After the IRA programs were announced, DOE engaged with PNNL (Pacific Northwest National Labs) to build the workstreams for all the different rebate scenarios. They came up with 18 different scenarios that consider options where a retailer or contractor is involved, or if a homeowner is attempting DIY work. Using these 18 scenarios, PNNL is developing some very sophisticated software that, when tied into a retailer’s POS system through an API, will do the heavy lifting on some critical verification steps, including:

  1. Making sure the customer has gone through the income verification step
  2. Making sure the address where the home upgrade will be installed qualifies
  3. Determining the dollar amount of the incentive based on the product selected
  4. Making sure the vendor is qualified
  5. Ensuring the incentive does not exceed any cap that may apply
  6. Creating a reservation of state funds for the home upgrade
  7. Creating a coupon code that is issued to the retailer/contractor and redeemable through the state
  8. Capturing post installation information to allow the release of funds to the retailer/contractor
  9. Enabling returns and exchanges by the customer

As you can tell from the scenarios listed above, using the API will be the preferred approach to ensure all the necessary steps are followed. To that end, Nationwide has introduced the DOE and PNNL teams to all the major POS vendors used by our Members and many other nonaffiliated independent retailers. The goal is to have our POS vendor partners build a connection to the DOE’s API so that all the verification steps listed above are handled seamlessly rather than needing to be done manually.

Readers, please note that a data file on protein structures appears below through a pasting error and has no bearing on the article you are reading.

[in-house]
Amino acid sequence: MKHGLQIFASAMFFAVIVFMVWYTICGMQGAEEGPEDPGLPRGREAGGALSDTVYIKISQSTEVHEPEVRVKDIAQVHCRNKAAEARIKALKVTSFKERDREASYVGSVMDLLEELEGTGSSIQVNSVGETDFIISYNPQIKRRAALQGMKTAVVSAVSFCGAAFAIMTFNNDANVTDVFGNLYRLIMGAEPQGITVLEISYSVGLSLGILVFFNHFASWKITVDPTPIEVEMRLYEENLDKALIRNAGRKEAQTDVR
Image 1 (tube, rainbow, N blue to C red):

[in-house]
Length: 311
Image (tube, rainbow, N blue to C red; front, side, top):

If a retailer is not able to access the API for one of many reasons, all of the steps outlined above will have to be managed and verified manually. Fortunately, we have made it clear to the DOE that they need to develop manual processes for each of the steps above to not exclude any independent retailer from being able to participate in the IRA rebate programs. We have been assured that is their plan.

So, what about the other 46 states that have not yet applied? Each state has until August 2024 to make their intentions known to DOE in terms of whether or not they will apply for this program – or if they’ll develop their own system to handle these rebates. After that, states who say they intend to apply will have until January 31, 2025, to submit their application. DOE is regularly updating the website linked here with the application status for all states.